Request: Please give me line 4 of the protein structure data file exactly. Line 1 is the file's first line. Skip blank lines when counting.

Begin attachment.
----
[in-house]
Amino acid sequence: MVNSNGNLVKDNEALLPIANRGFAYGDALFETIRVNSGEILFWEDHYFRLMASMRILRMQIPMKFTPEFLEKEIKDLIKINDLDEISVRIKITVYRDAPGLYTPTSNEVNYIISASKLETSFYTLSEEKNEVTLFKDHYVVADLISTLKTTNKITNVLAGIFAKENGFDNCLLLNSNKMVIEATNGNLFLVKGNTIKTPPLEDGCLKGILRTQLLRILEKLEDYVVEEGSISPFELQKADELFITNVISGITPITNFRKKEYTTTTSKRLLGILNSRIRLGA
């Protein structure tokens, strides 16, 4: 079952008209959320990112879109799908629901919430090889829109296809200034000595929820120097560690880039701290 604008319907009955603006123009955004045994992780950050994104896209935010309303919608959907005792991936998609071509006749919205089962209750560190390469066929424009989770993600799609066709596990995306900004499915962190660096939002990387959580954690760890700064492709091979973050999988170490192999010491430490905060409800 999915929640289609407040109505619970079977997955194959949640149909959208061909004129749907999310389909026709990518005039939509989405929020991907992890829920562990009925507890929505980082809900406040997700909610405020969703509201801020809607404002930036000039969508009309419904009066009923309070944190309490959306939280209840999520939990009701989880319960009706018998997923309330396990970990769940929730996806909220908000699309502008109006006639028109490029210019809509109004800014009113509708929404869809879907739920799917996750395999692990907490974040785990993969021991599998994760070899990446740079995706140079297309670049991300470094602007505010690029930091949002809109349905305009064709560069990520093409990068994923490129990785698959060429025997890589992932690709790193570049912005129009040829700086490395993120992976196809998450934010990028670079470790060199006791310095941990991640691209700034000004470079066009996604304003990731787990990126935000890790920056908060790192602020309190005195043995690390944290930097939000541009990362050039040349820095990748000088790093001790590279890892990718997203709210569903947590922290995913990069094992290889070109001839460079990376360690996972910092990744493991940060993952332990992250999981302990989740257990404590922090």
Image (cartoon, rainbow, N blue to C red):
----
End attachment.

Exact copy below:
Image (cartoon, rainbow, N blue to C red):